CfP Vol. 5, no. 2 (2024): Rethinking Gender in Translation

Edited by Eva Spišiaková (Constantine the Philosopher University in Nitra)

The topic of gender in all its varied forms accompanied Translation Studies already from its birth as an academic discipline in the 1980s and 1990s, both in the form of early works in feminist translations (Chamberlain 1988; Lotbinière-Harwood 1991; Simon 1996), and in  research exploring translation through a queer lens (Harvey 2000; Keenaghan 1998; Mira 1999). Since then, gender became a well-established topic within Translation Studies with several collected volumes and special editions that not only consolidated the two fields, but also finally allowed for much-needed cross-pollination between feminist and queer themes (Baer and Kaindl 2017; Epstein and Gillett 2017; Flotow 2011; Larkosh 2011).

However, the half century that elapsed since these first theoretical encounters between translation and gender brought a number of new challenges for translators and interpreters as the role of gender in language use expands and transforms. The Me-Too movement irreversibly changed feminist discourse and how we talk about sexual violence by exposing issues such as victim-blaming, but also highlighted the harmful gendered stereotypes entrenched in languages and the need for a particularly mindful approach amongst translators and interpreters. The definition of queerness likewise expanded along its porous borders, as terms such as ‘genderqueer’, ‘asexuality’, ‘drag’ or ‘rainbow washing’ entered global parlance and need to be accommodated into new linguistic systems. The push for the recognition of transgender rights and the increasing visibility of nonbinary people have brought a number of linguistic quandaries, whether it is the question of how to translate singular ‘they’ and neopronouns into languages with a much stronger presence of grammatical gender (see e.g. Völkening 2022), or how to deal with the translation of nonbinary characters in literature and media, such as in the Booker Prize winner novel Girl, Woman, Other (Evaristo 2019).

Gender-neutral language is also increasingly becoming a standard requirement in translations for corporations with a global reach, frequently imposed without clear guidelines on how to achieve these in languages that have gendered terms built into their grammatical systems. These are further complicated by the ubiquitous use of neural machine translation, which frequently reveals hidden biases assimilated by algorithms that replicate gendered stereotypes. The past years have also brought several discussions about representation, such as the heated discussion about Amanda Gorman’s poem The Hill We Climb (2021) and its Dutch translation (Kotze and Strowe 2021); these discussion poise questions about whether the identity and lived experience of the translator correlates with their expertise, but also about the ways gender categories and sexual orientations intersect with race, class, (dis)ability and other factors.

The proposed volume plans to explore these new iterations of gender in translation, with themes including but not limited to the following:

  • Feminist translations in the post-Me-Too era
  • Translating terminology associated with gender, feminism and queerness
  • Gender and gender-neutral language in specialized and technical translations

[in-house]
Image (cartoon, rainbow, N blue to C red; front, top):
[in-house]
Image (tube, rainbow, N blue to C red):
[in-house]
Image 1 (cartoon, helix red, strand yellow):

• LGBTQ+ themes in translation and interpreting
  • Gender bias in interpreting, translation and machine translation
  • Translation of trans and non-binary characters in literature, videogames and audiovisual media
  • Gender-related trends in the publishing industry

We welcome full-paper submissions reflecting the abovementioned issues. All articles must be written in English and should not exceed 7,000 words. We also welcome reviews of publications related to the main topic of this issue.

Deadline for submission: 12 July 2024

Your submission should be sent via the journal website after your registration at:

Please follow the journal stylesheet at:



Baer, Brian James, and Klaus Kaindl. 2017. Queering Translation, Translating the Queer: Theory, Practice, Activism. London: Routledge.

Chamberlain, Lori. 1988. “Gender and the Metaphorics of Translation.” Signs: Journal of Women in Culture and Society 13(3): 454–72.

Epstein, B. J., and Robert Gillett. 2017. Queer in Translation. London: Routledge.

Evaristo, Bernardine. 2019. Girl, Woman, Other. London: Hamish Hamilton.

Flotow, Luise Von. 2011. Translating Women. Ottawa: University of Ottawa Press.

Gorman, Amanda. 2021. The Hill We Climb: An Inaugural Poem for the Country. New York: Viking Books.

Harvey, Keith. 2000. “Gay Community, Gay Identity and the Translated Text.” TTR : traduction, terminologie, rédaction 13(1): 137–65.

Keenaghan, Eric. 1998. “Jack Spicer’s Pricks and Cocksuckers.” The Translator 4(2): 273–94.

Kotze, Haidee, and Anna Strowe. 2021. “Response by Kotze and Strowe to ‘Representing Experiential Knowledge.’” Translation Studies 14(3): 350–54.

Larkosh, Christopher. 2011. Re-Engendering Translation: Transcultural Practice, Gender/Sexuality and the Politics of Alterity. Manchester: St. Jerome Publishing.

Lotbinière-Harwood, Susanne de. 1991. Re-Belle et Infidèle: La Traduction Comme Pratique de Réécriture Au Féminin [The Body Bilingual: Translation as a Re-Writing in the Feminine]. Montréal: Les Éditions du Remue-Ménage: MacIntosh.

Mira, Alberto. 1999. “Pushing the Limits of Faithfulness: A Case for Gay Translation.” In The Practices of Literary Translation: Constraints and Creativity, eds. Jean Boase-Beier and Michael Holman. Manchester: St Jerome Publishing, 109–23.

Simon, Sherry. 1996. Gender in Translation - Cultural Identity and the Politics of Transmission. London and New York: Routledge.

Völkening, Lena. 2022. Gendern: Warum Wir Die Flexibilität Des Sprachsystems Nutzen Sollten. Münster: Unrast.